These results are clearly incompatible.

    Where is the truth in all of this?
    Last edited by jormung; 01-11-21 at 00:38. Reason: typo

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    Quote Originally Posted by real expert View Post
    When you write things that upsets people, they accuse of being a Nordicist, a racist or a loon from theapricity. They don't try to understand what you say nor do they look at the arguments.
    it's some kind of woke argumentation, and it is not the first time it happens over here
    but arguing against it is useless

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    Quote Originally Posted by jormung View Post
    However nobody seems able to explain to me how is it possibile to make compatible following two papers from chienese scientists:
    * "Evidence that a West-East admixed populationlived in the Tarim Basin as early as the earlyBronze Age" (2010)
    * "
    The genomic origins of the Bronze Age Tarim Basin mummies" (2021)

    These results are clearly incompatible.

    Where is the truth in all of this?
    the truth lies in the paper discussed in this thread
    it explains a lot
    the results are surprising, but it makes sense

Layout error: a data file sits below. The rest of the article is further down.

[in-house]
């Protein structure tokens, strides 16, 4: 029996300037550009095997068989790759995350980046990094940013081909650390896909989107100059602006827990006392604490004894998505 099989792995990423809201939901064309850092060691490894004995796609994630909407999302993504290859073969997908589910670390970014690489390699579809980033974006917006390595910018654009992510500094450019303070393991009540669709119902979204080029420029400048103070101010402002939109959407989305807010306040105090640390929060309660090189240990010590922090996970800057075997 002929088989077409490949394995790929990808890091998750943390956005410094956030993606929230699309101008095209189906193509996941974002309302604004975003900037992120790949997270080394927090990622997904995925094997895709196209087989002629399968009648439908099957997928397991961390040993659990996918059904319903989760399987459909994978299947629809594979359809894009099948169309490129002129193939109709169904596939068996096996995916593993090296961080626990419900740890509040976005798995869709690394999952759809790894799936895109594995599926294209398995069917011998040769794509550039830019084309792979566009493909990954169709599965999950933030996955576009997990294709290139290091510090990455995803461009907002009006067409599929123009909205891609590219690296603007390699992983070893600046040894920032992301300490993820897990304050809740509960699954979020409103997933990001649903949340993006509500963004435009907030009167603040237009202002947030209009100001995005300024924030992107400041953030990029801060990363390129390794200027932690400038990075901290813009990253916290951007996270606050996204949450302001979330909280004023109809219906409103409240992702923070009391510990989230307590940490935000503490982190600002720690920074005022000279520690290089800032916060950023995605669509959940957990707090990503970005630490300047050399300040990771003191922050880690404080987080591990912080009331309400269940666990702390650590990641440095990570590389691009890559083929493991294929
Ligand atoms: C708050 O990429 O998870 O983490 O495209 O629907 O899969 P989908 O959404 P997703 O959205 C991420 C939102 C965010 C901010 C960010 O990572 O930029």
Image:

also they state in the conclusion :

    'the material culture and genetic profile of the Tarim mummies from around 2100 bc onwards call into question simplistic assumptions about the link between genetics, culture and language'

    it is not the first time that anciant DNA proves archeology or linguists wrong
    there is much more to discover with DNA

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    The 'east-asian' input is not disputable; my thoughts is that the most of the kind of 'east-asian' ancestry that had WHSG was not an too evolved kind of 'east-asian' on the phenotypes side if we refer to most of modern East-Asians, left aside some marginal pop's.
    some features are ancient among Humans and some of them have been transmitted to "daughters" pop's whose global auDNA branched off at a high scale by time; We have Amerindians who show features far enough from the typical 'east-asian' package, compared to others "Asia sons", other Amerindian among these last ones.
    This variance in phenotypes in more than an ancient pop stroke me; some dominance of a type appeared here and there, but minor types or specific traits seem having reappeared, as if people were always trying to "taste" uncommon types when these last ones became rather rare; not all cranial features are undergoing strong selection; sure, some features came through new crossings, not by force all of them; it seems to me some were conserved at low level. Just impressions, here I need documentation for WSHG as for Botai.